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anytime – dates in R

I just saw an announcement on R Bloggers about the anytime package. It looks to be a very handy package to convert dates in pretty much any format to Date or POSIX classes, without the need to define the format – it’s guessed by an underlying C++ library.

It certainly seems to be flexible… putting in the same date in 8 different formats all yielded the same result! (FWIW, “15th October 2010” doesn’t work…)

> anytime::anydate(c("2010-10-15", "2010-Oct-15", 
+                    "20101015", "15 Oct 2010", 
+                    "10-15-2010", "15 October 2010", 
+                    "15oct2010", "2010oct15", "15th October 2010"))
[1] "2010-10-15" "2010-10-15" "2010-10-15" "2010-10-15" "2010-10-15" "2010-10-15"
[7] "2010-10-15" "2010-10-15" NA       

There’s an equivalent function for times (anytime instead of anydate). Looks like working with dates and times just got easier!



Estimating Pi

I came across this post which gives a method to estimate Pi by using a circle, it’s circumscribed square and (lots of) random points within said square. Booth used Stata to estimate Pi, but here’s some R code to do the same thing…

x <- 0.5 # center x
y <- 0.5 # center y
n <- 1000 # nr of pts
r <- 0.5 # radius
pts <- seq(0, 2 * pi, length.out = n)
plot(sin(pts), cos(pts), type = 'l', asp = 1) # test

xy <- cbind(x + r * sin(pts), y + r * cos(pts))
sl <- SpatialPolygons(list(Polygons(list(Polygon(xy)), "polygon")))
plot(sl, add=FALSE, col = 'red', axes=T )

# the square
xy <- cbind(c(0, 1, 1, 0), c(0, 0, 1, 1))
sq <- SpatialPolygons(list(Polygons(list(Polygon(xy)), "polygon")))

plot(sq, add = TRUE)

N <- 1e6
x <- runif(N, 0, 1)
y <- runif(N, 0, 1)
sp <- SpatialPoints(cbind(x, y))
plot(sp, add = TRUE, col = "green")

(sim_pi <- (sum(gIntersects(sp, sl, byid = TRUE))/N) *4)
sim_pi - pi

Note the use of sp and rgeos packages to calculate the intersections.

“Where to bird” geostats in R

I just came across a nice little post on acquiring and visualizing geodata in R using the Max Planck Institute of Ornithology as an example. It’s by the rOpenSci guys. Some useful code in there by the look of it… 🙂 Worth a look…

Coloured output in the R console

Just a little fun today… the R console isn’t the most interesting of things… text is typically either black or red (assuming default settings in RStudio). There’s a package though called crayon which allows one to change the style of text in terms of colour, background and some font-type settings. It could be an interesting way to spice up summaries (I’m not recommending it, but it’s a possibility. As far as packages are concerned, it’s just another dependency…)…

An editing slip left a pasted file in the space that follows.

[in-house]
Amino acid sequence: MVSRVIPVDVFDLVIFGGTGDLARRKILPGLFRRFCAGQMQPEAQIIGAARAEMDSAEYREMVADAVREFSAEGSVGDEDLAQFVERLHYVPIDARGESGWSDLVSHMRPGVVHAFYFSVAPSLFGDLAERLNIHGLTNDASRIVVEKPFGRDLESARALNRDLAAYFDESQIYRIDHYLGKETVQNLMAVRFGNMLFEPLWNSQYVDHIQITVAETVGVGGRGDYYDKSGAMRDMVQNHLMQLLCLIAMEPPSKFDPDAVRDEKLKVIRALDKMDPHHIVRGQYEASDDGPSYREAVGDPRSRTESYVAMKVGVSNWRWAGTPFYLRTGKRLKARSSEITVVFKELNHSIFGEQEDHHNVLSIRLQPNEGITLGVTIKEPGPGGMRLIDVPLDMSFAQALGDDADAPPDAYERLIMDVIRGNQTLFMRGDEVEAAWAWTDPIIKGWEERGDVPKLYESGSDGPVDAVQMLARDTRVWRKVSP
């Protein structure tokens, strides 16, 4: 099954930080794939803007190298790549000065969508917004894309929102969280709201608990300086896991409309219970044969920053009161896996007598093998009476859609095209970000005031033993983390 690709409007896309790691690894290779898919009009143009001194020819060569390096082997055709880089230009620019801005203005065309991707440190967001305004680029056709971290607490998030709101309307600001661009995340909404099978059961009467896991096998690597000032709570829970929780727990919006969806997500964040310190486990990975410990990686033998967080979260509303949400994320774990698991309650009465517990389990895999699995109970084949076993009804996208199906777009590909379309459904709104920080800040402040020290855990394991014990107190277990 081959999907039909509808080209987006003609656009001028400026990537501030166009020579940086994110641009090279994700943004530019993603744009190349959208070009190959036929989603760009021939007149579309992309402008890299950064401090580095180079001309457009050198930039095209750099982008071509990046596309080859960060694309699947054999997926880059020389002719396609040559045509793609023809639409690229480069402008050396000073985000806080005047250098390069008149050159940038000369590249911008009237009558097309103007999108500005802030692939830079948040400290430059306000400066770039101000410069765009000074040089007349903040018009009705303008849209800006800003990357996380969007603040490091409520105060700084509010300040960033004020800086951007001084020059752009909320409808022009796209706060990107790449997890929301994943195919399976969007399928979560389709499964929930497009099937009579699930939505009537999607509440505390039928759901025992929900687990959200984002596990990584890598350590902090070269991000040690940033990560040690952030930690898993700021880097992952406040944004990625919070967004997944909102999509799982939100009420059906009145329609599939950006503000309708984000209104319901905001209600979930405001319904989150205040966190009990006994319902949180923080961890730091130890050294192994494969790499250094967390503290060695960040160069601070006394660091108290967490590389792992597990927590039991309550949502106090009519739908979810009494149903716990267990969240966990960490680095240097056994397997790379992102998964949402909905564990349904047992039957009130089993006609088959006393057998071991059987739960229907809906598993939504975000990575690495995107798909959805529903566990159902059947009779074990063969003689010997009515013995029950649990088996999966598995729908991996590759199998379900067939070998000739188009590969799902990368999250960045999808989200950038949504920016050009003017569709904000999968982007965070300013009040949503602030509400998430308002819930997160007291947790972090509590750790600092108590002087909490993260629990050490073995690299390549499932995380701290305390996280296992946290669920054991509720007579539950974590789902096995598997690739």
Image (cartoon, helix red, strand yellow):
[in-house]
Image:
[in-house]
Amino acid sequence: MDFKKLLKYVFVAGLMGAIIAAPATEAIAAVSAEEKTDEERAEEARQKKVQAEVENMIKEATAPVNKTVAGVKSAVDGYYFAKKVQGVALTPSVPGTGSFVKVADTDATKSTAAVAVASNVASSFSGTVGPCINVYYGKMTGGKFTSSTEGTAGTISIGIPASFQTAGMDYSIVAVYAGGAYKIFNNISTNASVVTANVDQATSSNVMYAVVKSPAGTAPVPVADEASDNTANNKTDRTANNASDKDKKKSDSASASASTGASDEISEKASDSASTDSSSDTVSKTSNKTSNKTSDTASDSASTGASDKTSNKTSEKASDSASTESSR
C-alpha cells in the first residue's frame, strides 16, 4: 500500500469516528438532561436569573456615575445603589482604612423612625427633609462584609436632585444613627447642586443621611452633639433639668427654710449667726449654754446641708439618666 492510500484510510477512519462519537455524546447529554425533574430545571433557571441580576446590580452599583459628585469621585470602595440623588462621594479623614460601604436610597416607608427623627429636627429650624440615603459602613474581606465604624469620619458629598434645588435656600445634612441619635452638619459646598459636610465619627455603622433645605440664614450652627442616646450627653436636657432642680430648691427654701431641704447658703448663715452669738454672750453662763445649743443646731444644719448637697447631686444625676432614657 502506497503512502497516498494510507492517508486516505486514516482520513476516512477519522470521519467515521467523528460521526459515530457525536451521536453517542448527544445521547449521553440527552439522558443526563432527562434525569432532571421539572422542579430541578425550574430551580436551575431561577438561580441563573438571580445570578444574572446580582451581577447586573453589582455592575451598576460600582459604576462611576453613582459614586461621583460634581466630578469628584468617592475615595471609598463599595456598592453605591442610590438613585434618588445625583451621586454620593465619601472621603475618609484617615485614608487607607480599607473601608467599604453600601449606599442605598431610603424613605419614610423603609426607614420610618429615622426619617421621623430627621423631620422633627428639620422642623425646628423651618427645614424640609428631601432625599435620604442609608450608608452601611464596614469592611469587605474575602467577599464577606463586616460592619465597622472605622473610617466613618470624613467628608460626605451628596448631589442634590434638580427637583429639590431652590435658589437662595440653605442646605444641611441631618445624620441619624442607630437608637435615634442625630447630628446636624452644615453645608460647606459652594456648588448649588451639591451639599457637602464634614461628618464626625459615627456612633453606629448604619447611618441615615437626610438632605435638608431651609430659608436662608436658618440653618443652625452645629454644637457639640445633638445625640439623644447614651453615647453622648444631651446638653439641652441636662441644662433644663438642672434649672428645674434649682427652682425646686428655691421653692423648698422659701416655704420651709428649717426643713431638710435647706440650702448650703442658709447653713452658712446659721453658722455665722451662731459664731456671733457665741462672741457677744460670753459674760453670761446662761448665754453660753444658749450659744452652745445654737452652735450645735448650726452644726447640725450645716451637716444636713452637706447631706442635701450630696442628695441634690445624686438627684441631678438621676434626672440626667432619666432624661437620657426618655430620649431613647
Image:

'I am a green line ' %+%
  blue$underline$bold('with a blue substring') %+%
  yellow$italic(' that becomes yellow and italicised!\n')


rOpenSci’s drake package

If you don’t know rOpenSci, then I recommend checking them out. They write a lot of really good packages for R. A relatively new seems to be drake. I’ve not played with it yet, but it looks to be very useful at giving indications about which parts of an analysis are subject to changes, and only rerunning those parts to speed up redoing an analysis (envisage the overlays for some version control systems or dropbox that show the status of files, although it’s more complicated than that). Knitr has caching, which goes some way to handling this, but here you can see where outdated parts are in the scope of the entire analysis…

It looks like a super tool!drake_dep

Rough looking figures from R

A recent blog post regarding data visualization had some barplots I liked the look of (aesthetically…for research purposes, they wouldn’t be suitable). They look as if they’ve be coloured in with a pencil, rather than having solid blocks of colour… I wondered whether it’s possible with R, and indeed it is. There’s a github project called ggrough that interacts with ggplot2.

Beeswarms instead of histograms

Histograms are good, density plots are also good. Violin and bean plots too. Recently I had someone ask for a plot where you could see each individual point along a continuum, give the points specific colours based on a second variable (similar to the figure), which deviates somewhat from the typical density type plots. Apparently, they’re called beeplots or beeswarms. And there’s a way to make them in R (of course, there’s probably more than one… ggplot2??).


Here’s one way (slightly modified from the packages help files)…

library(beeswarm) # assuming you've installed it ;)
beeswarm(time_survival ~ ER, data = breast,
         pch = 16, pwcol = 1 + as.numeric(event_survival),
         xlab = "", ylab = "Follow-up time (months)", horizontal = TRUE, 
         labels = c("ER neg", "ER pos"), method = "c")
legend("topright", legend = c("Yes", "No"),
       title = "Censored", pch = 16, col = 1:2)

Horizontal is optional of course…

Feel free to comment if you know of other approaches.

See here for more examples.

Hope that helps someone 🙂

UPDATE… I just remembered…these plots are also sometimes referred to as turnip plots…